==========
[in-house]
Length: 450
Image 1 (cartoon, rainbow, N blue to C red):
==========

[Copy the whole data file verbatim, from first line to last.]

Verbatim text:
[in-house]
Length: 450
Image 1 (cartoon, rainbow, N blue to C red):